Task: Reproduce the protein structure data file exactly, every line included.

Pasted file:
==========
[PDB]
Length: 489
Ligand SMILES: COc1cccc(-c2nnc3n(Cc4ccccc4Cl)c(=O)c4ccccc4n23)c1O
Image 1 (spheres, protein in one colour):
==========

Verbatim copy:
[PDB]
Length: 489
Ligand SMILES: COc1cccc(-c2nnc3n(Cc4ccccc4Cl)c(=O)c4ccccc4n23)c1O
Image 1 (spheres, protein in one colour):